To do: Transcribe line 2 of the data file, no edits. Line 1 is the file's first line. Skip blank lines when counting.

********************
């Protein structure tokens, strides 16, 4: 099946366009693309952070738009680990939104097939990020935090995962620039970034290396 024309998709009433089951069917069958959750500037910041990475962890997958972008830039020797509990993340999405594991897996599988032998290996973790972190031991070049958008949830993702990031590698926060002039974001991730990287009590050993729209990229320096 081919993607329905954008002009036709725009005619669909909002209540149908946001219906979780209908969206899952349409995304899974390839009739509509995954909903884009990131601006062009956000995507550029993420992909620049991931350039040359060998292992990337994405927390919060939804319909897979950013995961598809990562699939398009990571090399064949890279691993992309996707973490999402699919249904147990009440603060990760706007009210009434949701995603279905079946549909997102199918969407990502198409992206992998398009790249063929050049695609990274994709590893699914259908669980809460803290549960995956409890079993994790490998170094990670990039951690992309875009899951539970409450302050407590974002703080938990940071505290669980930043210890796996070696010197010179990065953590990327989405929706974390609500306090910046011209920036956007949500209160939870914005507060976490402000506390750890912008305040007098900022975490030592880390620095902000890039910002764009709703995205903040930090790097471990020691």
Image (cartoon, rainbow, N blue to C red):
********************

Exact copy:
Image (cartoon, rainbow, N blue to C red):